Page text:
Auto dealers and their “research”

When I recently bought my new car I was informed that I would be receiving a satisfaction survey in the mail shortly asking me about my buying experience. I thought, “Fair enough.” Then I was told that they really like to see top scores for everything, and that if I feel something wasn’t top notch that they would appreciate the chance to fix it first. Again, “Sounds fair.” But wait, will people actually come back and ask them to make it right? As I once read in the Ultimate Question, people will give a high score because they feel guilty not giving them the chance to correct it. So now no one wins: the dealer doesn’t get good feedback and the consumer is left unhappy.

This seems to be a trend in customer service research. From retail to a recent call to one of my credit card providers (Agent at end of call: “Would you say I provided you with great service today?”)

Obviously the research findings produced are faulty. So why do they do it? I think a lot of it is energetic employees and managers who have a very large incentive to show good results. Taking a longer term view would help these companies immensely (maybe provide short and long term incentives?), as well as better policing by those analyzing the research. Companies should be using customer research to evaluate their policies and practices in addition to employees’ performance. When the outcome of a customer service experience is unsatisfactory, it may be because the customer service representative wasn’t helpful when he/she could have been, or it may be because the customer service representative was perfectly helpful, but handcuffed by a problematic company policy. If the survey only asks whether the employee was helpful, and there’s no response category for “as helpful as they could have been given a stupid policy”, how do you respond? Ideally, companies should measure satisfaction with the interpersonal aspects of the experience separately from satisfaction with the outcome of the experience. (“Do you feel the employee did everything they could to address your problem?” and “How satisfied are you with the outcome of your experience?”)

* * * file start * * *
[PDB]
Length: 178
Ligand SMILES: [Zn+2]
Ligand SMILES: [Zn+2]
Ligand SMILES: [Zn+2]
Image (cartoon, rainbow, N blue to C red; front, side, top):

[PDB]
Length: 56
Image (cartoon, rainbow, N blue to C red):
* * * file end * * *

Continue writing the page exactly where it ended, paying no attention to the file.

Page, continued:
Have you witnessed this as well? What was your reaction?

That’s a long receipt

As any home handyman (or handywoman) who frequents Home Depot probably has experienced, the receipt you receive can be quite disproportionate to the actual purchase. Why is my receipt always 2 feet long even for only a handful of items? Their satisfaction survey, of course.

I first received one of these survey requests probably years ago. At the time, I thought, “Great, take a survey and maybe win something!” Then I went again and got another request. And another. And…

How many times will someone take time to go online and fill out that survey?Anyone who has knows it isn’t necessarily a short survey either.I didn’t fill one out for a long period until I had a particularly bad experience recently.

I imagine most people who get online to take the survey only do so when they have a particularly good or bad experience (the same things could be said about customer comment cards located at checkouts). That may be all Home Depot is after, but considering how many upset customers never tell the company (and only their friends), it seems they’re still probably missing valuable feedback.

A better bet? Proactively survey a random sample of customers, instead of hoping they will take the time to contact you. This would produce stronger results that capture the good, bad and the indifferent. A true measure of overall satisfaction could then be developed.

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